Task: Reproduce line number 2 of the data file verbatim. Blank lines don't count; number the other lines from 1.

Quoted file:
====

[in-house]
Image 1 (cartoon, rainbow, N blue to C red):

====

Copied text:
Image 1 (cartoon, rainbow, N blue to C red):